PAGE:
The ways we’re telling time, they really are a-changin’

In 2030, Mauro F. Guillén  suggests what will probably happen — as well as how and why it will probably happen — during the next decade. He carefully reviews historical precedents, including the wristwatch.

Briefly, a revolution followed World War II when American companies (e.g. Timex) began to mass-produce timepieces that almost anyone could afford. A second “wave of technological change hit the industry” when a Swiss engineer devised a way to make mass production simpler, less expensive. The “third gale of innovation” occurred when the Japanese simplified the design with a new technology based on quartz.  Then came the cellphone. Thanks to Apple, Samsung, and Xiaomi, we now have smartphones that correctly tell time and make calls.

According to Guillén , “A key lesson from this history is that each time a new technology replaced an old one, new jobs were created and destroyed, different national watch industries rose and fell, and new modes of consumption emerged. And the watch is but one of many examples.

“Refrigerators replaced ice as a coolant, the telephone proved superior to the telegraph, incandescent lamps replaced gas lamps, the transistor did away with the vacuum tube, the jet engine outdid the propeller, the CD turned vinyl into a collector’s item, the word processor rendered the typewriter obsolete, digital imaging supplanted chemical photography, and video games proved more entertaining than transitional toys. We use the tern ‘disruption’ to refer to such dramatic transformations, with the wristwatch being just one illustration of this pervasive pattern.” (Pages 155-156)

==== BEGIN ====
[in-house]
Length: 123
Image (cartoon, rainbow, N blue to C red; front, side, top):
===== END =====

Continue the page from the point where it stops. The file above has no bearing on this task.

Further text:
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2030: How Today’s Biggest Trends Will Collide and Reshape the Future of Everything was published by St. Martin’s Press (August 2020).

Mauro F. Guillén is one of the most original thinkers at the Wharton School, where he holds the Zandman Professorship in International Management and teaches in its flagship Advanced Management Program and many other courses for executives, MBAs, and undergraduates. Please click here to learn more. about him and his important work.

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